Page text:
English Translation: “What’s expensive about it?” (A play on word involving the surname of Li Jiaqi and asking what exactly it is that is costly.)
Chinese internet celebrity Li Jiaqi, known for his live streaming sales programs, faced criticism from netizens during a live broadcast while introducing Flower Kiss brand eyebrow pencils. Some questioned why Flower Kiss’s eyebrow pencils seemed to be getting more expensive. In response, Li Jiaqi angrily retorted, “The price has remained the same for many years. Don’t talk wide-eyed nonsense. It’s tough for domestic brands.” He also said, “Sometimes, you should look for reasons within yourselves. Have your wages increased over these years? Have you been working hard?” These two statements sparked outrage across the Internet, with people feeling he lacked empathy and couldn’t see the hardships ordinary people face daily. They accused him of mocking their situation. Ironically, it’s these ordinary people who have contributed to his annual income of up to 1.8 billion RMB.
This issue raised by Li is a question that many people in China are puzzled by: Why do they work so hard but see little in return? Why is everything looking good in the macro data, yet their wages haven’t increased for months, and unemployment is rising around them? Some Chinese scholars suggest that within the broader context of economic downturn, Chinese society is under tremendous pressure, akin to a high-pressure cooker. With society under such stress, people’s tolerance has decreased, leading to a “low-tolerance” society where any misstep can become a vent for social frustrations.
The disappearance of China’s Minister of National Defense
In recent developments, following the mysterious disappearance of Foreign Minister Qin Gang in August from the public eye, Li Shangfu, a key figure promoted by Xi Jinping and the Minister of National Defense, has also gone missing for nearly three weeks in a manner similar to Qin. Several other defense officials are also reported missing. Within less than half a year, both the Foreign Minister and the Minister of National Defense have gone missing. This is a rare occurrence in governments worldwide, highlighting the political instability in China. The consecutive issues with two Defense Ministers (Wei Fenghe and Li Shangfu) and several high-ranking officials in China’s Rocket Force military branch raise questions about whether Xi Jinping’s ambitions regarding Taiwan reunification through military means are facing setbacks.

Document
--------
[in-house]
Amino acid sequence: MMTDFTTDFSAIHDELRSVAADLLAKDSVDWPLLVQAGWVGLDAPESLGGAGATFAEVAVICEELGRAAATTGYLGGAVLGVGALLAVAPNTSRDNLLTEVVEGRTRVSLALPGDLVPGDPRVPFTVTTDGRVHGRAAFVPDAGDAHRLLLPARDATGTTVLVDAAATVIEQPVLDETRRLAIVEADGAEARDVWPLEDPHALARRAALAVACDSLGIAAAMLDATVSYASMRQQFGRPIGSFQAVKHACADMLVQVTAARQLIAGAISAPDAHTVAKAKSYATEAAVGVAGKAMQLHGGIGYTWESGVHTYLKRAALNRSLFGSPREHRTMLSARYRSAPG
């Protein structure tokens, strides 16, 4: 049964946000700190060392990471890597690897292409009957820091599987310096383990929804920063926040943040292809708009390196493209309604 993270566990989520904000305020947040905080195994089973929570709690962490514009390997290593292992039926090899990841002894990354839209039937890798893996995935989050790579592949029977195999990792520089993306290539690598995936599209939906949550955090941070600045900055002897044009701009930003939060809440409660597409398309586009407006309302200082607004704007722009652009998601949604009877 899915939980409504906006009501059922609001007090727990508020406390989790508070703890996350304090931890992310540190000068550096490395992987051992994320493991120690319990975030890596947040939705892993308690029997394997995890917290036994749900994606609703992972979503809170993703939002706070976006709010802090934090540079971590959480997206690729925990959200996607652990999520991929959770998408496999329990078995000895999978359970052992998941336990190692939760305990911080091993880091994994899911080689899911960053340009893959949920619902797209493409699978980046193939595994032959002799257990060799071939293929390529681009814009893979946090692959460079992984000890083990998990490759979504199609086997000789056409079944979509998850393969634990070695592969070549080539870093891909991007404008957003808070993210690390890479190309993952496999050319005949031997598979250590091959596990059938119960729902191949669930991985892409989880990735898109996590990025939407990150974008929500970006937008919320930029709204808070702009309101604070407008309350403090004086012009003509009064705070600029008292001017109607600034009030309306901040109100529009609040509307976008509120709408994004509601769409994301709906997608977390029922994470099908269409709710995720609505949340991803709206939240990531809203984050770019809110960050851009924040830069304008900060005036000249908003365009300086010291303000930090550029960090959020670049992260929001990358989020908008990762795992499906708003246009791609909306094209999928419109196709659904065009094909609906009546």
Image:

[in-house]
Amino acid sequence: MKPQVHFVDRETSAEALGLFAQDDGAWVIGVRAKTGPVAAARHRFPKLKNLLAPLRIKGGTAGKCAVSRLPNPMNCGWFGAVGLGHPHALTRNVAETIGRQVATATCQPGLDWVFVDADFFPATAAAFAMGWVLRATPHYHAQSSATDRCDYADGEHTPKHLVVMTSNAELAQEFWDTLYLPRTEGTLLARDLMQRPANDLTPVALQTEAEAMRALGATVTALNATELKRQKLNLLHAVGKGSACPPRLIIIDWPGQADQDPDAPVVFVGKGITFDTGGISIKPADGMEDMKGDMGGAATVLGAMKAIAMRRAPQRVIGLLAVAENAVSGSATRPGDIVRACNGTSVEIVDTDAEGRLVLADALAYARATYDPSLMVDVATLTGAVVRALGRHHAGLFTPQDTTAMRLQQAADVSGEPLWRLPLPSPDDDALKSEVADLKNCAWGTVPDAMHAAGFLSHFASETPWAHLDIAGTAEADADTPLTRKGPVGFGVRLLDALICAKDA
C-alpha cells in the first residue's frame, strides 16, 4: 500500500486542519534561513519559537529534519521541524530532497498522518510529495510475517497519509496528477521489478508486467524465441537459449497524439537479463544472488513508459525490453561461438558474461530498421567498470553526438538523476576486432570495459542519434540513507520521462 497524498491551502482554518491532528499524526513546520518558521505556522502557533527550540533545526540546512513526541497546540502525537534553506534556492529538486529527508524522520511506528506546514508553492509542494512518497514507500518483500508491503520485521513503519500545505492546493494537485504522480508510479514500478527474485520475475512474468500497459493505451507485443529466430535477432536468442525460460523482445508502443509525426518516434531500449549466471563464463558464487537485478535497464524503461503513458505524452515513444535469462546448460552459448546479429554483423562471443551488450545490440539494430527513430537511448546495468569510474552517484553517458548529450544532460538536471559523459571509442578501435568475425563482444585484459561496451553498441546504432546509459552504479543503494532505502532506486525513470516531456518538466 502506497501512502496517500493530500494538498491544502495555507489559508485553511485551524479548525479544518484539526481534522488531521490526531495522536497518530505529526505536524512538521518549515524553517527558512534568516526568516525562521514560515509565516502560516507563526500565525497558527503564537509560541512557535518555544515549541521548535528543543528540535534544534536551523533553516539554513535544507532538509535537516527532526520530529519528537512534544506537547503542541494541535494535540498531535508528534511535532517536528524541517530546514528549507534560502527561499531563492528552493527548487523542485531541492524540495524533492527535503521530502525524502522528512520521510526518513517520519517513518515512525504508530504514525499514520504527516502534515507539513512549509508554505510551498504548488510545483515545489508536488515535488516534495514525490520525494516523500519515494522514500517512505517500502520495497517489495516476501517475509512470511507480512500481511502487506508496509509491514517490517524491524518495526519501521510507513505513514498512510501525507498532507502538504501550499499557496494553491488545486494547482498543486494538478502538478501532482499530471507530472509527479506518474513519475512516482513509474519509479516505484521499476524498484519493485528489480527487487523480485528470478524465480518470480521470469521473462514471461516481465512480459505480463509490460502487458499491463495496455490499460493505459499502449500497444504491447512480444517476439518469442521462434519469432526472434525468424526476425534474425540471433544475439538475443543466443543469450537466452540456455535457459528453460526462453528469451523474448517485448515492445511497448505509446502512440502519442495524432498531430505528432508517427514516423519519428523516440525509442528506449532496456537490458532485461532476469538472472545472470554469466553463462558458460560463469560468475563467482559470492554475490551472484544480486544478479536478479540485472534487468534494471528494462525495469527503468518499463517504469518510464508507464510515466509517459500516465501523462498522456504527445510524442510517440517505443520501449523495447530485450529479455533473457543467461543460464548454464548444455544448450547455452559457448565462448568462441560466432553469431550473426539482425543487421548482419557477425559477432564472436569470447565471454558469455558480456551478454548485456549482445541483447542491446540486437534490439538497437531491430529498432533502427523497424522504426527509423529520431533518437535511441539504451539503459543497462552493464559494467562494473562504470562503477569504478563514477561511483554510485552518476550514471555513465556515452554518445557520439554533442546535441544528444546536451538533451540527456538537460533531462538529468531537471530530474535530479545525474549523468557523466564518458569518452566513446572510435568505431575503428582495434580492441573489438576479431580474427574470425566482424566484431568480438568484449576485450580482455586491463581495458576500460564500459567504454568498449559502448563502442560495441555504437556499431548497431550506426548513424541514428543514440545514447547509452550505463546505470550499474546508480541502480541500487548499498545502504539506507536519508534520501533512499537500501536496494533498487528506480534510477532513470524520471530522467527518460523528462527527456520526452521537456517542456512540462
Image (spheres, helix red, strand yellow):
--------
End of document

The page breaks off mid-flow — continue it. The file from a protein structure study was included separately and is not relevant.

The iPhone Ban
Recently, The Wall Street Journal reported that China has issued a ban for employees of central government agencies, prohibiting them from using Apple Inc.’s phones and devices while on the job. It’s reported that this ban extends to government-supported institutions and state-owned companies, and is planned to be expanded to a wide range of organizations under government control.
In the context of China’s stance towards the United States, Beijing has adopted both political confrontation and economic countermeasures. Banning the use of Apple iPhones serves multiple purposes. On one hand, it can be seen as a move to boost support for domestic brands like Huawei, especially in the face of international competition, particularly from American companies like Apple. On the other hand, since Apple is an American company this ban may fuel nationalist sentiments among the Chinese populace and facilitate resentment and animosity towards the West.
Despite the Chinese Communist Party’s internal propaganda claiming that Apple iPhones can access local networks and collect environmental data, thus justifying the ban as necessary to enhance cybersecurity and prevent sensitive information leaks, some officials have privately disclosed that the ban is actually due to the high level of security provided by Apple iPhones. They often make it difficult for monitoring agencies to access them, and Apple iPhones lack built-in spyware features like recording, video capture, and eavesdropping, making them less suitable for surveillance purposes. Therefore, Beijing has even more reason to enforce the ban.
In reality, officials often possess multiple mobile phones, and among them, there is almost certainly an Apple iPhone. Their family members also frequently use Apple iPhones.